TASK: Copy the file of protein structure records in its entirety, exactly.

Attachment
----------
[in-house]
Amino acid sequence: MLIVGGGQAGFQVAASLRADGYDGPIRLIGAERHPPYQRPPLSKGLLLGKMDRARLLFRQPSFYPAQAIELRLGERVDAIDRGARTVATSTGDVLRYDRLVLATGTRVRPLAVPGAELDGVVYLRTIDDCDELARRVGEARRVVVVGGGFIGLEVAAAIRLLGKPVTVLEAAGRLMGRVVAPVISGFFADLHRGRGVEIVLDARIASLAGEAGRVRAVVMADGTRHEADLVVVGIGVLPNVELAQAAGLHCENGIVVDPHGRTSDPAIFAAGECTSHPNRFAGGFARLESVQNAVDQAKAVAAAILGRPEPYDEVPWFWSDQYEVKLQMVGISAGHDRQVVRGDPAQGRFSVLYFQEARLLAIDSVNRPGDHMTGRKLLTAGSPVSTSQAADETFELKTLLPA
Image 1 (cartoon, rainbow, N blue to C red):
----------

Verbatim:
[in-house]
Amino acid sequence: MLIVGGGQAGFQVAASLRADGYDGPIRLIGAERHPPYQRPPLSKGLLLGKMDRARLLFRQPSFYPAQAIELRLGERVDAIDRGARTVATSTGDVLRYDRLVLATGTRVRPLAVPGAELDGVVYLRTIDDCDELARRVGEARRVVVVGGGFIGLEVAAAIRLLGKPVTVLEAAGRLMGRVVAPVISGFFADLHRGRGVEIVLDARIASLAGEAGRVRAVVMADGTRHEADLVVVGIGVLPNVELAQAAGLHCENGIVVDPHGRTSDPAIFAAGECTSHPNRFAGGFARLESVQNAVDQAKAVAAAILGRPEPYDEVPWFWSDQYEVKLQMVGISAGHDRQVVRGDPAQGRFSVLYFQEARLLAIDSVNRPGDHMTGRKLLTAGSPVSTSQAADETFELKTLLPA
Image 1 (cartoon, rainbow, N blue to C red):